GNDR | consumerist genderification

TW: gender binary, normative gender roles, sexism

 photo genderification_zpslydspmt4.gif

it's 2016 and the online press is full of breaking news about the more and more loose idea of gender in our society.
the normative, binary attributes of femininity and masculinity are interchanging.
we have started acknowledging that there's more than just two gender expressions, and that it doesn't always have to be only one category you belong to.
unisex bathrooms are spreading across cities, regions, countries.
clothes have become genderless.

but it's also 2016 and brands are still marketing their products in a very, um, old-fashioned, extremely gendered way.
let me give you a few examples:

Aurosa, "the first beer for women"
i mean, just the idea of a special beer for women is stupid, right? but wait, it gets even better if you open their website:
"Aurosa is a product of a country that is known for its good quality in the brewery area. Our brand was customized to the needs of women, despite the fact that the beer industry is rather masculine affair. [...] The Aurosa beer is the epitome of the contrast between the world of a strong man and a woman delicacy."
"This is not an ordinary beer. It's a lifestyle for women. Women, who knew how to adapt to the speed of the male world, but chose to maintain their delicate and very mysterious character."
(source: Aurosa's website)
to top that, their Instagram is full of pink-tinted images, references to the French aesthetics and Vogue. all the "fragile women" on the pictures are white and skinny, of course, and mostly blonde. the official hashtag is #beerforher.

wow – i, a clueless, fragile woman, am so glad that someone has finally (!!!) invented beer that my sensitive, fragile female tastebuds can actually appreciate so that i don't have to either drink that horrible, strong beer for the strong men i admire so much or abstain from alcohol in general. and wow, it's sold in a tasteful, delicate bottle with a logo in a romantic, ornamented font? i will so put that on a shelf above my soft bed with satin pink sheets, right next to a vase full of light pink roses and a framed b&w picture of the Eiffel Tower. oh, it costs 7x more than regular beer? no worries, i as a female am too busy being so fragile and delicate that i don't really care if you're overcharging me, because i simply don't know what the price of a regular beer is, i mean, beer is a masculine affair, why should i know, DUH. i am just really happy that someone has finally figured out what the needs of a simple fragile woman are!!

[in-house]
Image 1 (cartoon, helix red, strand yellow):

only that i'm not, of course. obviously, not only beer, but any drink is suitable to anyone regardless of their gender. you either like it or don't, and that's it. gender is a social construct, so, in fact, what's considered feminine or masculine is pretty much only a false creation. the persona of a strong male and a fragile female? excuse me, it's not the 18th century anymore!

RZR Shaving
at first glance, it seems amazing – a new long-lasting razor with a sleek, minimalist design that is also eco-friendly? i'm in! (btw, you can read why i switched to an old-fashioned metal razor with replaceable razorblades here)
well, but then i checked RZR's website and, again, i got pretty much shocked.
"RZR is a brand new company that develops and manufactures shaving products for men only" (the "for men only" part is originally put in bold)
"Lubra strips are great......for shaving your legs."
(source: RZR's website)
"If you are a man with high quality standards, values beautiful design, finds sustainable important, makes his own choices and is looking for a better value for money: back this product."
(source: RZR's twitter)

see, i'd love to back this product. to be honest, i'd totally consider buying this overpriced razor (89 euros; i got mine for approx. 20...) just because of the exquisite design and the sustainability behind it. but, damn, i'm not a cis man with a beard, therefore i don't need a proper razor, i guess? funnily enough, the society tells me that i actually need to shave more body parts than an average male. but no, i'm totally fine with the cheap disposable razors the company slams so much. i'm a woman, and it'll do. yay!

of course, there are more and more brand examples i could pinpoint here and more and more sarcastic comments i could make. but calling brands out is not exactly my point here.


what is the purpose of this article then? 
simply to say that products do not have any specific gender, and therefore pretty much anyone can use them if they decide to do so.
by choosing a very gender-specific marketing strategy, the brand reinforces the same old gender norms that are steadily dissolving now, and shuns away a possibly big group of potential customers.
it's 2016 and gender is not what it used to be.
dear marketers, try to keep up!

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